Nearly a quarter of the Great Barrier Reef is dead and there has been no discernible political response, writes Dr Geoff Davies.
THERE WAS no big revelation, just a train of thought. Nearly a quarter of the Great Barrier Reef is dead and there has been no discernible political response. Global temperature is rising off the chart, only glancingly noted in the torrent of chatter. The decades-long trend of ever-more perverse and destructive politics continues. Societies are fragmenting.
For perhaps two decades I have held to the thought that while ever there was a chance of avoiding a planetary tipping point I would continue explaining how we can avoid the worst. Through that time, the path to a healthy, stable world has become clearer and more obvious, demonstrated in a thousand practical, small-scale ways. All that time, the window of opportunity was closing. It is, in my judgement, barely open any more.
Few seem to understand that even if we ceased greenhouse gas emissions tomorrow the world would still warm for two or three decades more. That is about the time marine scientists give for the rest of the Great Barrier Reef to be killed off on present trends. I can’t see how the Reef can survive. Its loss, along with vast stretches of mangroves in our north, kelp forests in the west and rich continental shelf life across the south, will be see major collapses of ocean ecosystems, with unknown consequences for life on this Earth.
Global temperature has shot up by about 0.4°C over the past three years — about ten times faster than the trend since 1970 and an unprecedented rise in the 136-year global record. We have to hope it will ease back this year, as last year’s el Niño fades, but we don’t know if it will. There are about a dozen mechanisms that could tip us into runaway warming and we don’t know where those tipping points are.
Currently, the global temperature is about 1.3°C above the pre-industrial temperature and the best estimate of the “safe” zone is about 1.5°C. Politicians, without clear scientific reasons, have opted for a rhetorical 2°C maximum, but they’re nowhere near the actions that would accomplish that.
It’s possible “progressive” parties and groups will push back and retake governments over the next few years, but they would still have to battle the increasingly entrenched apostles of fear — not only in politics, but also in the media, which are more powerful, backed as they are by corporate spin machines intent on preserving their preceived entitlement. It doesn’t seem likely they will prevail, though that doesn’t mean they should stop trying.
So, I thought, I have to conclude the Reef is a goner. We might have outbreaks of sanity and luck, but I can’t hold on to that straw any more. I need to let go.
Most likely, there will be no Great Barrier Reef. Most likely, global warming will tip into irreversible runaway and run up to 4°C, or 6°C — we don’t know. Within a few centuries, we think and hope, the overheated Earth will radiate more energy, enough to overcome the blanketing by greenhouse gases and the temperature will steady.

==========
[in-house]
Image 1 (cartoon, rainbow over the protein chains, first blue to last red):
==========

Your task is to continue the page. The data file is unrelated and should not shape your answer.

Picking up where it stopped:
The consequences for humanity may be somewhere between catastrophic and apocalyptic. Around half Earth’s millions of species may perish, throwing ecosystems into chaotic collapse, and unleashing plagues and famines. I expect many people will survive the coming centuries of chaos, but in a radically different world. Much will be lost that we cherish, those of us who have some awareness of this miraculous planet. Life will continue, but on a different and lower trajectory, perhaps to rebuild over tens of millions of years, as it has done before.
My train of thought having run its course, I left for Christmas with family. A few days later, returning on the train, I felt increasingly itchy. I found some patches of rash. Over the next few days, the rash migrated around my body, accompanied by a parade of other stress symptoms well known to me. My body was reacting to something. The only plausible cause was – and is – the letting go of the thing I had worked for a long time to help along — the survival of the world as we know it.
Since then, I have chosen to avoid rushing on with anything. I need a new approach. I need to ponder. I have not yielded all hope, but my hope now is to keep a flame burning, however small or large.
I don’t want to commit yet to a new direction, but I have some glimmerings. Many people already have chosen to defect from the dominant culture — the one that conquers, dominates and consumes. They are creating, in various ways, lives that value connection, with each other and with the Earth, and that take only what is sufficient and what will regenerate. If people are to have any future, that is how we must relearn to live.
The old culture subverts and suppresses the new way. It is useless to confront the old culture head on, but its days are numbered. It cannot survive for much longer. As it crumbles, or crashes, we can build a new one.
I presume there is a future for a sophisticated, globally-connected humanity, but one rooted in the wisdom of locality; one that chooses to conform with the needs of the living world, of which we are still intimately and inextricably a part. As we re-connect with localities, we can learn how much and what kind of regional and global culture might serve us, without threatening to disconnect and dominate. In this moment, that seems to be a worthy aspiration.
Dr Geoff Davies is an author, commentator and scientist. He blogs at Better Nature.
This work is licensed under a Creative Commons Attribution-NonCommercial-NoDerivs 3.0 Australia License
Be progressive. Subscribe to IA for just $5 a month.